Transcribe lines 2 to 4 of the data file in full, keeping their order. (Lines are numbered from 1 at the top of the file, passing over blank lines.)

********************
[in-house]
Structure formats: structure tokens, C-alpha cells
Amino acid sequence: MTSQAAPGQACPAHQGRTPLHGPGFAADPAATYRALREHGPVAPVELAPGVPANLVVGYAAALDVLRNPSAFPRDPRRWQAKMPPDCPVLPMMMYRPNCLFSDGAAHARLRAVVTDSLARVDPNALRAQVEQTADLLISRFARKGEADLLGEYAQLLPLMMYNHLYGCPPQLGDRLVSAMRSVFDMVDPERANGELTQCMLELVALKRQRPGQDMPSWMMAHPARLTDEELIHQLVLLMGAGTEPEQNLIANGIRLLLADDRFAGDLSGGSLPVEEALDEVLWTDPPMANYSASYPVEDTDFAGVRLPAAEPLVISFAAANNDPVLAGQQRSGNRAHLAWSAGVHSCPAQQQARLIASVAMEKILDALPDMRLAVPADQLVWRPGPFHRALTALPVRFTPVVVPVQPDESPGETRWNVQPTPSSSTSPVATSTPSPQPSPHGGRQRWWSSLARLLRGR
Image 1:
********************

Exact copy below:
Structure formats: structure tokens, C-alpha cells
Amino acid sequence: MTSQAAPGQACPAHQGRTPLHGPGFAADPAATYRALREHGPVAPVELAPGVPANLVVGYAAALDVLRNPSAFPRDPRRWQAKMPPDCPVLPMMMYRPNCLFSDGAAHARLRAVVTDSLARVDPNALRAQVEQTADLLISRFARKGEADLLGEYAQLLPLMMYNHLYGCPPQLGDRLVSAMRSVFDMVDPERANGELTQCMLELVALKRQRPGQDMPSWMMAHPARLTDEELIHQLVLLMGAGTEPEQNLIANGIRLLLADDRFAGDLSGGSLPVEEALDEVLWTDPPMANYSASYPVEDTDFAGVRLPAAEPLVISFAAANNDPVLAGQQRSGNRAHLAWSAGVHSCPAQQQARLIASVAMEKILDALPDMRLAVPADQLVWRPGPFHRALTALPVRFTPVVVPVQPDESPGETRWNVQPTPSSSTSPVATSTPSPQPSPHGGRQRWWSSLARLLRGR
Image 1: